Frankly, as I drove the 90 miles to look at the car, I was actually hoping I wouldn't like it. Then when I saw the car and test drove it, I thought ... "Damn, this is the right one". The internal struggle was enormous. I then called my wife and told her I really liked it but wasn't certain about taking the leap. And while she wasn't fully aware of the extent of the prior two days, she knew me well enough to know it was a tough couple of days for me. Yet when I asked for her advice, she said "Do it. You work hard enough and deserve it." Those comments immediately put me at ease, I felt a burden lifted, and I made the leap and completed the transaction over the next hour.

Yet, before I made the purchase, I had to translate what my wife told me from "you deserve it" to "you don't deserve it", because I didn't. We rarely deserve anything we get. Yet I bought it anyway on the leap of faith that it was still OK to treat myself to something that I would enjoy. On the way back home, I named my car "Grace" because she wasn't deserved, yet I was allowed to have her anyway. And yes, I love the car.

Grace has some years on her and if you look closely, you'll see several nicks, scratches, and other imperfections ... just like her driver :-).

And I had no clue that the next day would be the day when my Bamboo Tree would finally break the ground's surface and begin its climb. Through all the years of toil and frustration, I'd frankly forgotten I'd ever planted the seed.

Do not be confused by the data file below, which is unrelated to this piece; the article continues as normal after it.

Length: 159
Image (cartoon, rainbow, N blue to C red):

Willtamtell said...

Truly a great story of patience, frugality, and humility. And yes, you deserve to be called humble.
On an other note, our wife's know us men I think better than we do ourselves.


traderboy said...

The two rough trading days you spoke about prior to making the BMW purchase remind me of the “fur coat” trade mentioned in the stock market classic book, “Reminiscence of a Stock Operator” by Edwin Levere. The fur coat trade basically was a trade in which a floor trader put on at the end of the day where the profits would go towards the purchase of a fur coat for his wife. This floor trader had an excellent trading day & week up to this point so he figured he’d put on just one last day to cover the expense of the fur coat he was planning on buying for his wife. As you guys have probably already guessed, this fur coat trade was put on for the wrong reasons & ended up costing this trader all of his daily & weekly profits.